Bernard, as always you provide a rational, succinct analyses of recent/current events that have contributed to the poor performance of the Australian Public Service. However, the downhill path was irreversibly established years before Abbott and Credlin. The rise to power of the non mandated, highly politicised and largely unaccountable Ministerial Staffer , with political endorsement to bully and over ride even the most senior and portfolio expert Departmental officers, was the start of the downhill fly. Those whose ethics and commitment gave them the courage to hold out were removed over time and replaced with more compliant cardboard cut outs. Not far behind was the collateral damage of privatisation policies. Again, the advice of senior public servants who were ethical and highly qualified in their areas of expertise – scientists, engineers, architects, health professionals- was devalued and ignored. The private sector apparently knew it all. Except manifestly, it didn’t. The APS professionals gave up and left, taking all their expertise along with their Super. The days of an expert, independent APS are but a distant memory. And the country is a much poor one – in every respect . Keep up your good work, Australia needs you! Annieginoz

  5. Paul Munro

    The decline of the Australian Public Service as a high functioning arm of our governance is one of the more neglected disasters of the neo-con ascendancy in Australia. For more than a decade Federal and state public services have been subjected to managing with less, contracting out, outsourcing techniques of management. Both major parties have followed that pattern but the Coalition has been the most intensive outsourcer of work and destroyer of of quality standards within the services for which it has had responsibility. Perhaps the lowest point in the sorry story of the APS decline was the appointment of John Lloyd to head the Australian Public Service Commission. Mr Lloyd has been a zealous industrial warrior for market and small government causes; those familiar with his career will know that almost without exception he has served in roles for Kennett, Kierath, Reith and Abbott demanding a likeness of mind and moved on or pushed off once the policy climate changed.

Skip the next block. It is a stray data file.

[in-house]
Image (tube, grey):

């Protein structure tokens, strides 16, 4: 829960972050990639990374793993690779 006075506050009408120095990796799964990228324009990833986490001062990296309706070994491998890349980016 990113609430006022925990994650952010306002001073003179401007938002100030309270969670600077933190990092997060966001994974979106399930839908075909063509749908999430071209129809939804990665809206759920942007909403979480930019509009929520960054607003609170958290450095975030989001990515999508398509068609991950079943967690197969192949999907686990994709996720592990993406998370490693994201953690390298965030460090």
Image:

The APS, and the Australian nation, has fared best when the public service is administered in a way that respects and builds its capacity to serve the government of the day with integrity and and as much corporate memory, nous and know-how as can be mustered within whatever resource limits are set by the circumstances of the time. With due respect to Mr Lloyd, he has no form whatever to equip him for such a role.
    The blame for the erosion of quality public services does not lie with John Lloyd or with any particular Minister although he and some members of the Ministry are more to blame than others; Senator Brandis’ belittlement of the Solicitor-General role is an instance; Joe Hockey’s termination of Parkinson is another: Deputy Prime Minister Joyce’s boondoggling transfer of a specialist agency to Armidale is yet another.
    What is necessary is a renewal of commitment from all party leaders to the re-establishment of well resourced and well rewarded core public services as an essential element of good governance in Australia with leadership and establishment of it entrusted to people who have the vision and ethical values to bring about the gradual improvement that is necessary. Why does it seem unreal to still hope for that?

  6. Pedantic, Balwyn

    Other correspondents have appropriately listed issues including the often overlooked ministerial staffer behind the debilitation of the PS. However, in my opinion a worse factor is the constant criticism by politicians and usually the right wing media of the PS to groom the public for further cuts to the Service.

  7. AR

    The role model of the shift from CP Snow’s “Corridors of Power” started with Thatcher and we now have the Cabals of Incompetence.
    And they call it cost cutting efficiency.

  8. John Hall

    Cruise Liner – I suggest it’s the Titanic. Rapidly running out of serviceable Deck Chairs too. The smart ones have already taken to the Life Boats. The government should apply the cost saving process they apply to the APS to themselves & see how irrational the results are.